Speaking of blank MDs for recording, I picked up some myself within the last couple years. The first set were the three Memorex discs you see in the back of this case (in the picture below). I found those sitting on a shelf at a local used record shop and nearly jumped for joy. Do you know how long it’s been since I’ve seen brand new Minidiscs? Probably over a decade. Maybe longer. I also probably paid too much for them this time, I don’t even remember what, but I had to have them. Just for the experience of buying brand new MDs in a physical store again. Plus just having them.
Then, a handful of months later, I found a guy on Craigslist who was selling this seven pack of brand new Sony Minidiscs with the case for $10. I couldn’t pass that one up. He had no idea what they were for, he just wanted to make a quick ten bucks. Talk about a find. I was excited.  I just haven’t been able to bring myself to crack any of these open yet. They all look so pretty in their wrappers and in that case. It was also fate there were three empty spots in the case that could fit my three Memorex discs I bought previously. :)

I realize there are folks out there with huge Minidisc collections. People who have walls (or drawers) full of new discs and collectors discs and so on. Who are overflowing with portable players, recorders, component and shelf units. By comparison my four players (3 recorders – one of which is broke :( ) and 25 or 30 recorded-on discs from years ago (as well as this ten pack of brand news discs), may not be much, but they make me happy. I’m still enjoying the format.

Back in 1999-2004 Minidisc was a utility format for me. I used it as a way to make mix discs from the MP3 on my computer and take them with me on the road. I also used it as a recording medium for voice memos and an audio recorder for my indie filmmaking ventures back then.
Today it’s an unnecessary luxury experience. It has no real utility for me. I can take my MP3s with me on my smartphone. I have small solid state portable audio recorders for video work. The Minidiscs aren’t necessarily anymore.
So I put on a Minidisc these days to be nostalgic. Because I think it’s fun. I love the way they look and work. I love how small the players are, and I kind of miss playing with them.
But… there is one other reason. Some of my older Minidiscs have music on them I no longer have on my computer. That I haven’t had on my computer in decades. I could put those songs on my computer, but I decided not to. It’s become a treat to listen to those songs on Minidisc. After all it isn’t every day I put a Minidisc on. I even recorded a new disc for just that purpose about eight months ago. I think this is going to become a trend for me going forward. Reserving some songs I really like for just MD and purpose driven every-so-often listening. Not wearing myself out on those songs by keeping them in constant rotation on my computer and phone. It gives me a reason to listen to my Minidiscs occasionally. A reason to dust everything off, put in a disc and hit play.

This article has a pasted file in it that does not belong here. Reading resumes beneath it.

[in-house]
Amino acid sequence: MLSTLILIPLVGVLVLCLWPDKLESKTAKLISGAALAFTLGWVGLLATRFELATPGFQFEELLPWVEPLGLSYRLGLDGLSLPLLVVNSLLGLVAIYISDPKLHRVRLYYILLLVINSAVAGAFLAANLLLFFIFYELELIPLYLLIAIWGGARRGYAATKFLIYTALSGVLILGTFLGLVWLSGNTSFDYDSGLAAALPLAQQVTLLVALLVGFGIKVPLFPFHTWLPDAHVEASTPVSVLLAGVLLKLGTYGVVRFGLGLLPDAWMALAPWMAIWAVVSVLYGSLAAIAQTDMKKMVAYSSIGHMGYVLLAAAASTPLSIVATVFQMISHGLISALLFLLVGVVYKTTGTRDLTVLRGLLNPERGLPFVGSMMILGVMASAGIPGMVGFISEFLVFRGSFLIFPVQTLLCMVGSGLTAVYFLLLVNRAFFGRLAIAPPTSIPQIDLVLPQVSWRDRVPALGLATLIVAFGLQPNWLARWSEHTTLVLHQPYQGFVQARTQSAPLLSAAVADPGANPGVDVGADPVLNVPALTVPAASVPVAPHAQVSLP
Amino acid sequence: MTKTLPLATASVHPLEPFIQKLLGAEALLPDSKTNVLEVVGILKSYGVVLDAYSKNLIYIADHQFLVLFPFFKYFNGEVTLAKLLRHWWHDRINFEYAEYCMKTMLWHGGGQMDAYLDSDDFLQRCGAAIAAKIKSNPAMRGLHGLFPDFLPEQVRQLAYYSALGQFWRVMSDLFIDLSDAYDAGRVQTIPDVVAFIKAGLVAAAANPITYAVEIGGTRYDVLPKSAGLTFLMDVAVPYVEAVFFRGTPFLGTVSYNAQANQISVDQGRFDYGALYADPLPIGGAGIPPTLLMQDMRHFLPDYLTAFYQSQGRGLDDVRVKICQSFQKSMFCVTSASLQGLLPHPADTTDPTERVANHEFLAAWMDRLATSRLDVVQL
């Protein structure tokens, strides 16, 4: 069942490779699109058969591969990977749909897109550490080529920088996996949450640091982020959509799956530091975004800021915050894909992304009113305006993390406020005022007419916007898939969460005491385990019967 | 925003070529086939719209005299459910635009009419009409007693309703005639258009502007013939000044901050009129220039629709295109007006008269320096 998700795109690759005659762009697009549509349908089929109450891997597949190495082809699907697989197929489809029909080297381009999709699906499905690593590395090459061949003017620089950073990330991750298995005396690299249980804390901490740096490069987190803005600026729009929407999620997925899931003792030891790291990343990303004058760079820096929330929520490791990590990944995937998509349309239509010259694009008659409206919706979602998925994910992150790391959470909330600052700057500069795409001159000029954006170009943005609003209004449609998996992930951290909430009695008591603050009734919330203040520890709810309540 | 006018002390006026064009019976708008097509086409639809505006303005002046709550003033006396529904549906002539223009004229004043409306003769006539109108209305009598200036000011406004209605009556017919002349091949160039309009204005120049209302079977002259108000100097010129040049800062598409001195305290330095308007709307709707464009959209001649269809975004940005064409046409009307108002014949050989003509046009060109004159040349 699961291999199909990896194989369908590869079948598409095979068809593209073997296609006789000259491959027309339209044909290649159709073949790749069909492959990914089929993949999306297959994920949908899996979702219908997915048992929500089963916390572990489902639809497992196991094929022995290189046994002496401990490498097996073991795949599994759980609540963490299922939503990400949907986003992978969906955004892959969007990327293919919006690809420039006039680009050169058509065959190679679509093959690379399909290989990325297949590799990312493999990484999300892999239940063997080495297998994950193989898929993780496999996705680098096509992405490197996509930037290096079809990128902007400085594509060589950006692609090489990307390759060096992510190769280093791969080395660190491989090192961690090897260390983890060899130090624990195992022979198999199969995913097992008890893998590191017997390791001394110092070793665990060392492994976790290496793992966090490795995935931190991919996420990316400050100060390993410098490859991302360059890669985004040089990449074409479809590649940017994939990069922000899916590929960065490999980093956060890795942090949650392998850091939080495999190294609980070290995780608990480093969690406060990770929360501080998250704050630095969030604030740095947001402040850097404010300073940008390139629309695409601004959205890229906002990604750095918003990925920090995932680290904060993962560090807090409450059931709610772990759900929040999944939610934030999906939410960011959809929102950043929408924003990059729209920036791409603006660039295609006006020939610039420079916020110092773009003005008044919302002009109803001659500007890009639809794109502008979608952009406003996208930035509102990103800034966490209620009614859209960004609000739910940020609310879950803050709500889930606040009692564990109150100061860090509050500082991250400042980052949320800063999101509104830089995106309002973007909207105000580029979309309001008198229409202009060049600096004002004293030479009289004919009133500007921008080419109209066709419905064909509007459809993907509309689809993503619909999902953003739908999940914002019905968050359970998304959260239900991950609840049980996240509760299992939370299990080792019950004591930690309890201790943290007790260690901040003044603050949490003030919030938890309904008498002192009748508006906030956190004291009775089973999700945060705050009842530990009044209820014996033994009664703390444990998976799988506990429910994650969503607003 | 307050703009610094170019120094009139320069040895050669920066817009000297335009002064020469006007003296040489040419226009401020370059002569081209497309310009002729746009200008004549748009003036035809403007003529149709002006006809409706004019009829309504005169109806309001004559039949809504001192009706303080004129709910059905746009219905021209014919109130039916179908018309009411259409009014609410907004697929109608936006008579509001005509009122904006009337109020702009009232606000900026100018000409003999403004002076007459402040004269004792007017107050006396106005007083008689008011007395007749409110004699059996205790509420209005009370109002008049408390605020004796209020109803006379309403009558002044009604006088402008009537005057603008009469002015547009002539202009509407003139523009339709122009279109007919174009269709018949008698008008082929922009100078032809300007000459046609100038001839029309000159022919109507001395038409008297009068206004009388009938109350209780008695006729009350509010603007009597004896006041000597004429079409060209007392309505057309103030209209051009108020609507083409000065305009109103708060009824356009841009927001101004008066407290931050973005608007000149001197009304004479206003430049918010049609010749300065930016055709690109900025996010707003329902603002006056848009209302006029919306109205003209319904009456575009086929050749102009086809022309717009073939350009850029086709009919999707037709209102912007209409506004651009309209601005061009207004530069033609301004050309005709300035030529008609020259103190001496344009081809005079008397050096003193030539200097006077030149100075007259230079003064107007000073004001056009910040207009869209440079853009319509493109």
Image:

What about the future of Minidisc in the world at large? I don’t know. It seems like it got more popular in the last few years. I can tell by the prices of used players. Yet the only company producing new media still is Sony and only one kind of blank disc. And for a premium price. At least it’s still out there, new, but at around $5 a disc, it’s not very reasonable. Of course you can still find deals, like I have.
At some point I’m going to pick up some used discs and do some more recording. Just haven’t got there yet. I would still like to pick up another portable player or two as well. Maybe even another component recorder or all-in-one shelf system. I don’t have an all-in-one shelf system with and MD player in it. Also I plan to dig up those photos I shot in that store in Germany back in 1998 where I was so shocked/impressed with the amount of MD shelf units in the store I shot photos of some of them. On film. Back when it used to cost money to take pictures. So you know I must have been impressed. lol I’ll keep you posted.